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Declaration-difference in/outside a loop  RSS feed

 
Sebastian Krzyzanowski
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Asume the following situation
(2 pieces of code):

java.util.Vector v= someobj.getVectorFromSomewhere();
for(int i=0;i < v.size();i++)
{
String element=(String)v.elementAt(i);
...
}

OR

java.util.Vector v= someobj.getVectorFromSomewhere();
String element=null;
for(int i=0;i < v.size();i++)
{
element=(String)v.elementAt(i);
...
}
Once the declaration of 'element' is made inside (hence: each time), once outside the loop. The question is:
What is the "internal" difference between these two possibilities?

* Is one way faster than the other? Which one?
* Which method consumes more memory - if at all?
* Forgetting garbage collection for a moment: are "memory leaks" / "dangling pointers" more / less possible in one method? In which one?
 
Wendal Park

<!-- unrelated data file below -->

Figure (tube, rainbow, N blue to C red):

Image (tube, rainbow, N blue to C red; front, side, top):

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Use the second method, for sure!
Then for each element in the Vector, you just use the same reference assigning to it, thus saving memory usage.
Also, there won't be something like "dangling pointers" in Java ... the closest relative would be the NullPointerException (a Runtime Exception). This is something due to accessing an index outside the size of an Array or String in most cases. So it is kind of irrelevant in this case.
Since you probably won't need the previous String object retrieved from the Vector after each loop, why do you need new reference to it? And this may trigger GC for large Vector size ... Therefore usign one String reference (like in 2nd case) can surf the purpose, although both ways should work fine afterall.